Growing Fruit Trees in Pots
There are many great reasons to try growing fruit trees in pots, especially if space is tight in your garden or you’re gardening on a balcony, a patio or in a yard. Trees in pots are less susceptible to pests and diseases, you can move them around according to where the sun is (or just because you want to) and of course you can always bring them indoors if the weather looks a little frosty. Whatever your reason, it’s the ideal way to grow full sized fruit in small spaces. Read on for all you need to know.
- Choosing your tree
- Choosing your pot
- Pest and disease control
- Frost protection
Choosing your tree
What are the best fruit trees to grow in pots? There are so many varieties now that have been specially bred for pots and small spaces, that it can be difficult to choose - luckily our fruit tree growers John and Josh are on hand to help. “I’d go for a dwarf apple like Discovery, or a Fig,” says John, “and you can’t go wrong with a Conference pear.” Josh favours nectarines, apricots and peaches. “Growing in a pot means you avoid one of the main problems with peach trees which is leaf curl. If they’re in pots, you’re watering them from the base and it’s not gathering on the leaves, which is the issue with trees in the ground - it’s also a great way to protect the flowers from frost and get a better crop.” If in doubt, always look for a tree described as dwarfing, semi dwarfing or patio sized and if you only have space for one, choose a self fertile variety that will crop without needing to be pollinated by another.
Choosing your pot
When planting fruit trees in pots, choose the biggest container you can find (at least 45-50cm wide and deep - larger if possible) and repot the tree every two to three years if needed. It’s a good idea to put your pot on a wheeled base before filling it, then you can move the tree around more easily (for instance, bringing it indoors over the winter) if you need to. Make sure there are plenty of holes in the bottom of the pot to allow excess water to drain out - if you don’t, it could lead to waterlogging and cause the roots to rot.
The right soil
Make sure your soil is weed-free, full of nutrients and drains well. To make sure of this, you can add some compost and a little horticultural grit or perlite to the planting hole. Check your trees every 2-3 years to see if they need repotting, and replace the compost at the same time.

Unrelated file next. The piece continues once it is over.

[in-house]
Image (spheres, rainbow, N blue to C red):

The best position
Most fruit trees need to be grown in a sunny, sheltered area - a patio is ideal - where they’ll get a full six to eight hours of sunlight every day in spring and summer. The most needy in terms of warmth are peaches, citrus trees and cherries, but hardier trees like apples, pears and plums can handle a little light shade in the afternoon.
Potted trees will need to be kept well watered, as the rain can’t reach them as easily as trees in the ground. In summer this will probably be needed every day, but avoid waterlogging by feeling the compost before you water - the soil shouldn’t be allowed to dry out completely, but the first 1cm of the surface should feel dry before you water again. Try to water at the base of the plant rather than from above, to avoid the risk of soil or water borne diseases on the leaves.
Fruit trees grown in pots will need a helping hand with nutrients if they’re to crop to their full potential. When planting your tree, use a rooting hormone such as Rootgrow and add plenty of good quality compost or well rotted manure to the pot. Give it a starter feed of general purpose granular fertiliser and repeat this every spring when the blossom starts to develop. Adding a mulch of compost, bark chips or similar every autumn will help the tree to retain nutrients and water in the soil, as well as suppressing weeds.
You don’t have to prune your fruit trees, but doing so can make a real difference in terms of health, shape, size and cropping.
Pest and disease control
Growing in pots makes pest control simple - you don’t have to worry about soil-borne diseases or fungal spores from overcrowded beds. Keep a close eye out for fruit tree pests and diseases as it’s much easier to control them when they’re spotted early. The main issue you might have is with birds stealing the fruit - to avoid this, try netting, motion activated sprinklers or a good old fashioned scarecrow.
It can be much easier to protect your fruit trees from freezing temperatures if they’re in pots.
Apples, cherries, plums, figs and pears are hardy enough to survive the winter without protection, but more tender fruits like citrus and stone fruits like peaches will need a helping hand.
“In places like Italy, Spain and Greece they’re fine outdoors all year round,” says John, “but in our climate it’s much easier to protect them from the frost if they’re in a pot. You can leave them outside all summer, then bring them indoors through the winter.”
If the pots are too large to move, you can wrap your tree in horticultural fleece or bubble wrap for the winter and leave it in situ.